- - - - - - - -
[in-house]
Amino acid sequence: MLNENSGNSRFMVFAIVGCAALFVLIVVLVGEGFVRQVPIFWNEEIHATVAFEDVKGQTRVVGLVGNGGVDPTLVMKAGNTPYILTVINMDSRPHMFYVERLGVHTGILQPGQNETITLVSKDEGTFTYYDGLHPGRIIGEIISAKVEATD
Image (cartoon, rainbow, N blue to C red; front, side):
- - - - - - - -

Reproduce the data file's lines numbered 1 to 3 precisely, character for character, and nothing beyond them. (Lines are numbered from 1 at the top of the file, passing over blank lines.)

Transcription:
[in-house]
Amino acid sequence: MLNENSGNSRFMVFAIVGCAALFVLIVVLVGEGFVRQVPIFWNEEIHATVAFEDVKGQTRVVGLVGNGGVDPTLVMKAGNTPYILTVINMDSRPHMFYVERLGVHTGILQPGQNETITLVSKDEGTFTYYDGLHPGRIIGEIISAKVEATD
Image (cartoon, rainbow, N blue to C red; front, side):